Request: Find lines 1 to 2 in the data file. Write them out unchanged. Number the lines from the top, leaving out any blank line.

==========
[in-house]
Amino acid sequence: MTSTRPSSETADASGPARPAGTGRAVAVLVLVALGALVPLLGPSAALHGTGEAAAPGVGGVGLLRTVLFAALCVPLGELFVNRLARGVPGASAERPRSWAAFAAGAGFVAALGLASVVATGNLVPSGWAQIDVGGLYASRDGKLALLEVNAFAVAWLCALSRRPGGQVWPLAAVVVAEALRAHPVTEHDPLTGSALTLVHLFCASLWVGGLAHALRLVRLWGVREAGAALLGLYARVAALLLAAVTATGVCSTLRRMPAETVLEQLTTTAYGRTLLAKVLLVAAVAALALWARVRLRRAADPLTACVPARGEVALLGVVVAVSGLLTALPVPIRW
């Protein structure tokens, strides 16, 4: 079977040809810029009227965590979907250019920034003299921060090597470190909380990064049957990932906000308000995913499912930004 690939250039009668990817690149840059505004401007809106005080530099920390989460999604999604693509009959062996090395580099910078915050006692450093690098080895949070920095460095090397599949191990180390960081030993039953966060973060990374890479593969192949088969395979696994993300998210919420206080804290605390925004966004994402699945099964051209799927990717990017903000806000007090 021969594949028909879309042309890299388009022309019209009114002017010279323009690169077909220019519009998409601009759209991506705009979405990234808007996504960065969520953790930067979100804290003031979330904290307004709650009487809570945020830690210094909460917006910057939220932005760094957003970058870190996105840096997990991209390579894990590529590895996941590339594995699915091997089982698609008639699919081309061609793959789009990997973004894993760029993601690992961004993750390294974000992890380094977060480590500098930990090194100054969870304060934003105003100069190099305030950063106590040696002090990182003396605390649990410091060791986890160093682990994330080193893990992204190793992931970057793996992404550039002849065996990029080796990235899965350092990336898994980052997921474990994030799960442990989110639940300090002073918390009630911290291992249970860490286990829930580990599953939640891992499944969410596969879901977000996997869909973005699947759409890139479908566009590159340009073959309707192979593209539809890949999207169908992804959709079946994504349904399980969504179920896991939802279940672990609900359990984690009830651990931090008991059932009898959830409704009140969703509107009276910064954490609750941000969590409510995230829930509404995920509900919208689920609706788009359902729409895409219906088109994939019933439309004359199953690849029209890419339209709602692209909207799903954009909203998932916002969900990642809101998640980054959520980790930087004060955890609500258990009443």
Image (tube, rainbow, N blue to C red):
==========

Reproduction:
[in-house]
Amino acid sequence: MTSTRPSSETADASGPARPAGTGRAVAVLVLVALGALVPLLGPSAALHGTGEAAAPGVGGVGLLRTVLFAALCVPLGELFVNRLARGVPGASAERPRSWAAFAAGAGFVAALGLASVVATGNLVPSGWAQIDVGGLYASRDGKLALLEVNAFAVAWLCALSRRPGGQVWPLAAVVVAEALRAHPVTEHDPLTGSALTLVHLFCASLWVGGLAHALRLVRLWGVREAGAALLGLYARVAALLLAAVTATGVCSTLRRMPAETVLEQLTTTAYGRTLLAKVLLVAAVAALALWARVRLRRAADPLTACVPARGEVALLGVVVAVSGLLTALPVPIRW